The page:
Do Canadians need ‘right to disconnect’?

France introduces new regulation
By John Dujay
|Canadian HR Reporter|Last Updated: 02/06/2017
French President Francois Hollande in Paris on Jan. 15. France’s new law allowing workers to disconnect from work after-hours highlights the challenges of overwork. Francois Mori/POOL (Reuters)

On Jan. 1, France enacted a “right to disconnect” law that gives workers the right to ignore corporate communications after they leave the office.

The new law compels companies with more than 50 employees to negotiate email guidelines with workers. As well, employers are required to regulate email usage, allowing employees to break free from the office after hours.

So, do Canadian employees need similar legislation?

“We don’t actually have any laws like that right now, at least not as plain and as bluntly as it’s been put by the French government,” said Marc Kitay, employment lawyer at Whitten Lublin in Toronto. “It would be up to each provincial government to decide if that’s a type of law that is going to be implemented.”

A law for this is really not needed in Canada, said Barbara Bowes, president of Legacy Bowes Group in Winnipeg.

“We’ve already built in a lot of flexibility for employees through our various policies,” she said. “People don’t want government legislating everything. To put it in employment law, it’s already bogged down enough.”

It’s not the same on this side of the Atlantic Ocean, said Jan Chappel, senior technical specialist at the Canadian Centre for Occupational Health and Safety (CCOHS) in Hamilton.

“The North American culture is a little different than Europe, unfortunately,” she said. “In general, it’s definitely something people are studying and looking at; we are definitely more aware of all the different duties in our lives.”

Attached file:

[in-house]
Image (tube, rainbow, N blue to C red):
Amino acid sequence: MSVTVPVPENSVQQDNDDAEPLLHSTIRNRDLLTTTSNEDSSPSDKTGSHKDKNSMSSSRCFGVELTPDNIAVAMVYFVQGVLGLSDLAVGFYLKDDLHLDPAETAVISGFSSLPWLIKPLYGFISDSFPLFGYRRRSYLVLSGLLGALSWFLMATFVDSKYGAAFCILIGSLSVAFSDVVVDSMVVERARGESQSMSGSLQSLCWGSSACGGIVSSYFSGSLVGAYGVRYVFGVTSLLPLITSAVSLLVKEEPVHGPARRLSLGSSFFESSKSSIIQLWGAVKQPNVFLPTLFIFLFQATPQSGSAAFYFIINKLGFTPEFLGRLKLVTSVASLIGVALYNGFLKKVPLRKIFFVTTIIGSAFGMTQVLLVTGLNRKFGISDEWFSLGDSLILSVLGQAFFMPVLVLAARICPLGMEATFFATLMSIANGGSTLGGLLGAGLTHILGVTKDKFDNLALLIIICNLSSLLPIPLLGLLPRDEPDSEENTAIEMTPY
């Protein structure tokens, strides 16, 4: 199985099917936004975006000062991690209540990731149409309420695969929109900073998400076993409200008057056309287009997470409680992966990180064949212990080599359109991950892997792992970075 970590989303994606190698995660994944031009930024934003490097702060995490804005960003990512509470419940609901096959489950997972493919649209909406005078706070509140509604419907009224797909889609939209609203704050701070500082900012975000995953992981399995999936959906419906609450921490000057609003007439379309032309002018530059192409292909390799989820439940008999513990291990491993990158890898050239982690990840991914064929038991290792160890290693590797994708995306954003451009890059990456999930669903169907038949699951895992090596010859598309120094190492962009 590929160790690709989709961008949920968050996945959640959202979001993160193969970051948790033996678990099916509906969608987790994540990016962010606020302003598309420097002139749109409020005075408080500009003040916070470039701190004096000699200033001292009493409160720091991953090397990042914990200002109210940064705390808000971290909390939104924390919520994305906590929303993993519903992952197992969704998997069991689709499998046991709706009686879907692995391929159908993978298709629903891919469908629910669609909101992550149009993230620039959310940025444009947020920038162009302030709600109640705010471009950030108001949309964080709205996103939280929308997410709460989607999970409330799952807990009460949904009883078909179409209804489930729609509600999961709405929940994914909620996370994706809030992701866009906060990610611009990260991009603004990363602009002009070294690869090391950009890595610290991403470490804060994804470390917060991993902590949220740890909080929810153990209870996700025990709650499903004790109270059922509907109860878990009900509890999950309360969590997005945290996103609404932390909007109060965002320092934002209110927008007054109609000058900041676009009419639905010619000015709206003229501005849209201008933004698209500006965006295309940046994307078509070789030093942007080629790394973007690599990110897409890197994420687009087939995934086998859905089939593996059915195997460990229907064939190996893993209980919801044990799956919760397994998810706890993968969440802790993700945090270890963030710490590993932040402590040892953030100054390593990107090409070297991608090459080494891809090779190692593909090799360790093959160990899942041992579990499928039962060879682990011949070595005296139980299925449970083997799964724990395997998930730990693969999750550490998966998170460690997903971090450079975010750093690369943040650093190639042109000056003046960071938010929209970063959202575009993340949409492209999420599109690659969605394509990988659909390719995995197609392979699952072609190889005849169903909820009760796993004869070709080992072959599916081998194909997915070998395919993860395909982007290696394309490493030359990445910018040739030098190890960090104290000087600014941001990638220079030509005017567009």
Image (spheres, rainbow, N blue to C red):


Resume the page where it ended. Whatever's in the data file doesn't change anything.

But the law in France is toothless, according to Linda Duxbury, a professor at the Sprott School of Business at Carleton University in Ottawa.

“The French initiative gets a lot of press, but it’s not a good one,” she said. “There’s no legal requirement at all, there’s no penalties or fines and it doesn’t recognize that the organizational culture is the main thing driving use. So the government can say, ‘Well you don’t have to respond,’ but if your perception is by not responding and other people do respond, it’s going to hurt your promotability, your ability to be successful at the job, then it’s not going to matter.”

Canadian bureaucrats and ministers set poor examples anyway, she said, so the likelihood of a law being implemented might be moot.

“All levels of government are pretty bad in Canada, in terms of inappropriate use: Canadian public servants are always expected to be available because maybe the minister will have an idea. The culture in the government is ‘You have to be available because you’re serving the people, and you’re serving the minister.’”

Email addictive

Email is a big adversary against workers achieving a good work-life balance, said Duxbury.

“Our data shows that the typical manager or professional is now spending about three-and-a-half hours a day on email,” she said. “Most people extend their workday and answer emails on personal time as well.”

Receiving an email can be equated to gambling, when a person rarely wins, said Duxbury.

“For every 100 emails you get, maybe two or three are ones that you want, and so you get that little rush but you keep looking for that rush.”

Smartphones and constant connectivity make it worse but a worker should exercise self-control in responding later, she said.